If you’re the kind of frustrated parent who spends too much time nagging their kids to get off their smartphone and help with the family chores, then Sydney fintech startup company Pennybox may be the answer to your prayers.
Reji Eapen, a former equity analyst at BAML and UBS, and Adam Naor, who spent seven years with Google, have designed a free app to help both parents and kids keep track of pocket money. The duo describe Pennybox as “banking with training wheels” for kids between 6 to 16. It’s an idea they’ve spent a year working on and began fleshing it out in development over the last six months.
It’s designed to teach kids financial literacy along the way and has been developed with a $25,000 minimum viable product grant from the NSW government’s Jobs for NSW.
The idea was to make it fun for kids and useful for parents. The funding will be used to complete the test and launch of the app.
It also offers a few valuable life lessons — your children can pitch to do a job around the house for a certain price and parents can negotiate over its value.
“By practically going through this process on a daily basis, kids build good financial behaviour and learn real-life financial concepts of financial goal setting, budgeting, and earning money,” Naor said.
Children earn “money” on the app for each job and it goes into a virtual wallet, which they can use to take out as cash later — parents have the ability to deduct it next time they’re nagged for funds to buy something. You don’t need a bank account to use it, and that way it gives the child the sense that they’re spending their own money rather than just hitting up the Parental Bank of Home for another loan they don’t have to repay.
The pocket money tasks can also be linked to an educational program on saving and spending and there are even reports on budgeting and spending patterns, so your kids will be able to see when their lollies and Snapchat filter spending is out of control.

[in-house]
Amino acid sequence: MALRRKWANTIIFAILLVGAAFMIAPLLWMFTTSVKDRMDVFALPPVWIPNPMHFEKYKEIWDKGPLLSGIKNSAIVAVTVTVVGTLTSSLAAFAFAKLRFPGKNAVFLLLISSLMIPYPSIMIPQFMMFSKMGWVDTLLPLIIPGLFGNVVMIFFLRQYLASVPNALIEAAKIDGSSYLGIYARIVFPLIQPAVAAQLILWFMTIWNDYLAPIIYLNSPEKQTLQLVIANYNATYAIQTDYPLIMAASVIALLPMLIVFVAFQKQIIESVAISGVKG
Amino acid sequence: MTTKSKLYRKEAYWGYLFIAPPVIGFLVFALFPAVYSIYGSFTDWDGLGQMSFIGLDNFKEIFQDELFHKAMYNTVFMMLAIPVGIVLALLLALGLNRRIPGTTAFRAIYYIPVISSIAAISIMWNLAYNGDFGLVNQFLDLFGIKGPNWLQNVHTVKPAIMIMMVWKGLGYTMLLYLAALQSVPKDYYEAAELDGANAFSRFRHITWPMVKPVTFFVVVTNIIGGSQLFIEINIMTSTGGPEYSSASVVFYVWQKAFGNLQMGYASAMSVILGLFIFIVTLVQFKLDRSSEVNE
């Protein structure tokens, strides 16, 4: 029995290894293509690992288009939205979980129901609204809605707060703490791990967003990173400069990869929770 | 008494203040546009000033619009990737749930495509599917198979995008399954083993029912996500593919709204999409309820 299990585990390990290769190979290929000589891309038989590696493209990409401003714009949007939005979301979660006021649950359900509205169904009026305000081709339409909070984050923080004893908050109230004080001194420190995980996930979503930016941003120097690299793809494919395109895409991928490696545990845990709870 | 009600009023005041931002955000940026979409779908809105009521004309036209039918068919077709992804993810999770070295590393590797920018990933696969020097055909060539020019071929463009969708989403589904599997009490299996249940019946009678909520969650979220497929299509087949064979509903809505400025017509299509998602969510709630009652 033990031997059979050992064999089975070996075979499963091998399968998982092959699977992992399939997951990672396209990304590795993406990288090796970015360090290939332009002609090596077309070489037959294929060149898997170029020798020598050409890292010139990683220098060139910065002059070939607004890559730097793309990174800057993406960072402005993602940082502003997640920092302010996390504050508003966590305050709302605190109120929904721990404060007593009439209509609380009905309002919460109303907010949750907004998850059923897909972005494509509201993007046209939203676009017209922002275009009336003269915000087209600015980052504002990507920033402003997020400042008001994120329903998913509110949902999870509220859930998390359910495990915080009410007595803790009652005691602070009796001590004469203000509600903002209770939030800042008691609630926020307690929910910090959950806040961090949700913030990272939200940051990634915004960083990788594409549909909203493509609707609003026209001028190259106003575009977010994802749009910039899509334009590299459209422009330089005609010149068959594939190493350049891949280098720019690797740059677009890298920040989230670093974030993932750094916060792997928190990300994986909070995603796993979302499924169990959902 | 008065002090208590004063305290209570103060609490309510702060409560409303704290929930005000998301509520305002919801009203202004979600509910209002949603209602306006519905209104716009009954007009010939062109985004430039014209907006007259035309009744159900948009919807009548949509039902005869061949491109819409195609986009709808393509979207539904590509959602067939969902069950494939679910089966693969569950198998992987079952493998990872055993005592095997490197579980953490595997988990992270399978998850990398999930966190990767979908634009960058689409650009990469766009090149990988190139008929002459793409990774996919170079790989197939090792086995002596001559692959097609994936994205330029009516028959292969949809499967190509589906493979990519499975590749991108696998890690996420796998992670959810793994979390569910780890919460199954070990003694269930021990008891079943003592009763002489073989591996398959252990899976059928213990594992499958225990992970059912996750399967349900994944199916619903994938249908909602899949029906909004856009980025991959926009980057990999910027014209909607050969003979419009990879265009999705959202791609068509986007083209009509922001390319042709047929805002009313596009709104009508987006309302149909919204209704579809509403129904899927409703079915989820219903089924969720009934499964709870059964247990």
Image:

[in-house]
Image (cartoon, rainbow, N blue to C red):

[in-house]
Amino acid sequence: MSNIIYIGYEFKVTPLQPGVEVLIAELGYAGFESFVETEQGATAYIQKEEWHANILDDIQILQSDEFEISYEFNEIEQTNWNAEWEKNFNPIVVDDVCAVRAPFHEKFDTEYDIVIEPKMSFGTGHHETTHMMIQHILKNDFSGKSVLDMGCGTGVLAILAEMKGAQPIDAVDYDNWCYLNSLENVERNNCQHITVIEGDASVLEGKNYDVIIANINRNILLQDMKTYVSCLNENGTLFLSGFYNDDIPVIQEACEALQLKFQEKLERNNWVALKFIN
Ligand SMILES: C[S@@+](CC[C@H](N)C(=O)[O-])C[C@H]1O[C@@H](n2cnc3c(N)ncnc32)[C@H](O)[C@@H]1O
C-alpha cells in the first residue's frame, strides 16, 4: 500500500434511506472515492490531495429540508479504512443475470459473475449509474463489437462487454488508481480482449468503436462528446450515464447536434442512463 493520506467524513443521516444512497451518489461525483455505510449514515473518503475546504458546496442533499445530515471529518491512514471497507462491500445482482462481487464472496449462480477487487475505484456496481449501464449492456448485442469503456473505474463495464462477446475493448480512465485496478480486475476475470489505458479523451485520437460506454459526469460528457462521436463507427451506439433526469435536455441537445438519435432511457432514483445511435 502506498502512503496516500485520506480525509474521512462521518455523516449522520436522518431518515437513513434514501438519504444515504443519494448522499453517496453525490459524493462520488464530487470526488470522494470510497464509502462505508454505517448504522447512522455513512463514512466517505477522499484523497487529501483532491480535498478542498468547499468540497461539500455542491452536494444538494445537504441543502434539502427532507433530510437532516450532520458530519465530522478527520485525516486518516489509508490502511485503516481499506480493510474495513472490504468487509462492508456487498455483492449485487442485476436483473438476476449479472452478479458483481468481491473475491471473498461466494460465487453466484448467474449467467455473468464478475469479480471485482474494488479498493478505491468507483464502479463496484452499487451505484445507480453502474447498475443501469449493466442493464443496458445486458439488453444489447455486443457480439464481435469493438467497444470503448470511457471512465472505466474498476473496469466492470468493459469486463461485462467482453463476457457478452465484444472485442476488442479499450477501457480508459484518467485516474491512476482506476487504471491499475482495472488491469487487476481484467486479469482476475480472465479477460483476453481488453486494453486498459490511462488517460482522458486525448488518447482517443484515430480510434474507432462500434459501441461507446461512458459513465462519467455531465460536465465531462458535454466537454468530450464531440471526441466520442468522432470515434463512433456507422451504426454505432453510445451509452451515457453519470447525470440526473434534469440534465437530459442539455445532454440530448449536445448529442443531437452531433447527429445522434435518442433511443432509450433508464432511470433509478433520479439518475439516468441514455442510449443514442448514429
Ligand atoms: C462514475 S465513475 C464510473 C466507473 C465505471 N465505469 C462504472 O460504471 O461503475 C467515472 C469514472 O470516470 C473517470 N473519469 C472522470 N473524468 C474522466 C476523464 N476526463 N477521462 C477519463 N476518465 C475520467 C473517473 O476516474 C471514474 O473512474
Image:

Parents also get updates on how their children are progressing through the lessons.
The product is still in private beta, but Naor says that lots of parents and kids have been involved in the testing.
“We have over 5,000 families that have requested early access to the beta. We have released it to a percentage of these people to get feedback, improve the product, enhance the core offering, and to learn about the most compelling use-cases,” he said.
“Kids are using the product to learn about money basics – how to earn and save money, good money habits, and how to do work, tasks, and activities in exchange for pocket money. Some kids use Pennybox in order to get rewards for reading books or completing school assignments; others for doing house-hold work.”
Naor says the most rewarding part of the app is how its got families talking about their finances, with the potential to go global.
“We are building software that scales and has a tremendous impact on bringing families together to discuss how to save and earn money and behave in a money smart way,” he said.
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